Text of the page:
Sanders’s Criminal Justice Plan is a Lot Bigger Than One Bill
The Vermont senator’s attempts at justice reform are designed to make inroads with minority voters and catch attention on the hill.
Democratic presidential candidate Bernie Sanders will introduce a bill this week that aims to shut down private prisons, restore federal parole, and catapult himself into the center of the national conversation on criminal-justice reform.
Sanders’s bill will be released just as a bipartisan group of senators, led by Judiciary Chairman Chuck Grassley and Minority Whip Dick Durbin, is putting its finishing touches on its own long-awaited reform legislation. That bill is expected to reduce some mandatory minimums and implement programs that ease offenders back into society after incarceration.
In a month when Congress is divided over an Iranian nuclear deal and Republican leaders are bracing for a potential shutdown over Planned Parenthood funding, criminal-justice reform is a rare unifying kernel of policy in Washington. And Sanders’s decision to roll out his plan now, in the face of potential congressional dysfunction, is no coincidence; it is key to his campaign’s identity. Sanders is trying to remind voters he is above the fray on Capitol Hill, even if he needs the Senate floor to dispatch his message. Sanders’s style is far from that of Sen. Rand Paul, who fundraised from the Senate floor during the national security debate in Congress, or Sen. Ted Cruz, who led a government shutdown in 2013, but Sanders too has the ability to use the Senate as a launching ground.
Roughly 20 percent of federal inmates—41,150 people—are serving sentences in private prisons. That’s just a small fraction of the overall federal prison population. Erasing private prisons does little to address the prison pipeline that has filled the facilities in the first place. Yet Sanders insists his bill is a start. And with just a few months until the primary contests begin, bills are as much about optics as they are about substance.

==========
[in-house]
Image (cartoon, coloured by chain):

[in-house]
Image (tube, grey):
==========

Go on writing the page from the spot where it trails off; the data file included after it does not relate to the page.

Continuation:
Sanders has struggled to break through over the last several months with minority voters—a population that has disproportionately been affected by the country’s justice system. Arecent CBS/YouGov poll showed that while Sanders is soaring among voters in Iowa and New Hampshire, he is struggling to register with black voters.
Sanders’s campaign has made concerted efforts to reach out to those communities in carefully crafted speeches. Yet even when he does try, he has fallen short. According to The New York Times, Sanders spoke to a “half-empty gymnasium at Benedict College in South Carolina” this past Saturday. And even though Benedict is historically a black school, the Times reported that the “crowd appeared to be largely white.”
A Gallup poll last month showed that while Hillary Clinton had 80 percent favorability among black voters, Sanders was relatively unknown in the community. Just over 30 percent of black voters said they were familiar with the Vermont senator and just 23 percent had a favorable opinion of him.
In Iowa and New Hampshire, Sanders’s lack of appeal among minority voters may not make or break his aspirations to win the Democratic nomination. But black and Hispanic voters will matter greatly in other early states, like Nevada, Florida, and South Carolina. For Sanders, justice reform is his potential selling point to resonate with minority voters without alienating the white liberals and progressives who make up the base of his support.
Sanders’s image has always been that of an idealist, a self-proclaimed Democratic socialist happy to be relegated as an outsider in order to stay true to his liberal vision. Yet he has an opportunity on Capitol Hill. He has a chance to unveil his position on criminal-justice reform in a way that goes beyond a policy paper from the campaign trail.
Sanders’s criminal-justice-reform bill is more than simply a piece of legislation. It is one of the first times we are seeing the visionary senator strategizing like a serious candidate in the Democratic primaries.
NEXT STORY: Three Areas of Progress Since 9/11